The Obama Keepsakes People Donated to Goodwill

These mementos of the President were hardly cherished

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Who is this guy? He looks like he runs some kind of heavy machinery plant, and it looks like he's given up on President Obama. For a starting bid of $5 at, you can buy four framed photos of him shaking hands with the president, posing with some other guys and the president, and giving a big speech in front of an American flag. No one has bid on the photos in the seven days since they were posted by Goodwill Industries of Central Indiana. And the organization offers no help in figuring out who the guy is. "Unfortunately, my ignorance and apathy for politics are unable to identify the others in the photos," reads the listing copy, which adds optimistically, "Great for display in your home." This mustachioed man is not the only one giving up his Obama mementos for free.

For a starting bid of $75.99, you can buy a framed form letter from the president. (One person has bid since Goodwill of Western New York posted it September 26.) Dated July 27, 2010, the letter begins, "Dear Friend, I want to thank you for your message and for holding me in your prayers. my family and I are honored that so many Americans have supported us in this special way." Who could part with a touching personal message like that?
Another bit of Obama paraphenalia someone has given away is this print posted by Goodwill Industries of Northeast Indiana. Bidding starts at $4. No one has jumped on it yet.
There's also a special edition Obama Chia Pet, posted by Goodwill Easter Seals of St. Paul, Minnesota, which as of Monday morning is going for $8.17. Two people have bid so far. The poster notes that "Item is the 'Determined' version (as opposed to the 'Happy' version)" of the Obama Chia Pet. Also: " Item's box is somewhat bent up. May need some light cleaning."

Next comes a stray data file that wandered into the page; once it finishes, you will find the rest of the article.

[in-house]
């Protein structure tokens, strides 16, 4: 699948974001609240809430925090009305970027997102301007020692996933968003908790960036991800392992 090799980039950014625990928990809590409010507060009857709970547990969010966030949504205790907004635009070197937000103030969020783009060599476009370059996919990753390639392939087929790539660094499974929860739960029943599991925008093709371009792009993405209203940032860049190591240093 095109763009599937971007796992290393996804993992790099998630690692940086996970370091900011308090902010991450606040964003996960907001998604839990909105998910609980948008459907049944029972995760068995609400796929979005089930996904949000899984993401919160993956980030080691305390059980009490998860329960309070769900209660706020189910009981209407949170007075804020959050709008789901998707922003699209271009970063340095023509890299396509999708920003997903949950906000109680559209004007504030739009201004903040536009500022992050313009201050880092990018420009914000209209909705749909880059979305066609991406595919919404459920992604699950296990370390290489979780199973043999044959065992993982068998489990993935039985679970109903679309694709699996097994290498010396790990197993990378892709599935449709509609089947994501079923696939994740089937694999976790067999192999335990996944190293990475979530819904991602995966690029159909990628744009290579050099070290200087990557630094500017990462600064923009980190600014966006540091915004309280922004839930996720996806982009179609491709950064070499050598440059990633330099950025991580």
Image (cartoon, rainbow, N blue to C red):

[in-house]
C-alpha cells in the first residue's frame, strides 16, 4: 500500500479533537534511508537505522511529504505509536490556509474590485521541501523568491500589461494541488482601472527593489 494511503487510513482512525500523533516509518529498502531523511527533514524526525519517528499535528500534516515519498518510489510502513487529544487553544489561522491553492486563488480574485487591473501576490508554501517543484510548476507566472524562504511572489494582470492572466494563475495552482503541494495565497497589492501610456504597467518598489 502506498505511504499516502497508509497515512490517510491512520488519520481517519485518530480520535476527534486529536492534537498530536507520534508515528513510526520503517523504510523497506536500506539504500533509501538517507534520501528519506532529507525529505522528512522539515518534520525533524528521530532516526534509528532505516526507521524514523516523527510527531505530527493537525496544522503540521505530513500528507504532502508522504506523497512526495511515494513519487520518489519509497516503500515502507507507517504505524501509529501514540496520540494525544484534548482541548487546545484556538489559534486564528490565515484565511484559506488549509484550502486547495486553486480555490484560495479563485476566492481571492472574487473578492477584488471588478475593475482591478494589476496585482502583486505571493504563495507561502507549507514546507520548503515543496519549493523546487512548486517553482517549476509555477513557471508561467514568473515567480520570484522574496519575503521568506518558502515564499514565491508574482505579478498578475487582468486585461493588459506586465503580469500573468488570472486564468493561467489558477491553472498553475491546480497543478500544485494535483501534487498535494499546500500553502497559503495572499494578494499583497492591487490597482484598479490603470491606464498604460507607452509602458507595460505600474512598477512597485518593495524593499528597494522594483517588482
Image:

It's worth noting that you can find other presidential memorabilia on, like this collection of 42 presidential thimbles from Indianapolis, starting at $5. The number of thimbles indicates the collector gave up after Bill Clinton.
Much of the Obama-related items for sale on the Goodwill site come from Rust Belt states where Obama's low approval among working-class whites has led his reelection campaign to just about give up. Still, the most interesting bit of presidential junk is the Obama photo op. Here's a close-up with what appears to be his business partners standing in front of what looks like a military vehicle:
Obama has visited several factories around Indiana, where the posting comes from. Anyone know who these guys are? Let us know.
This article is from the archive of our partner The Wire.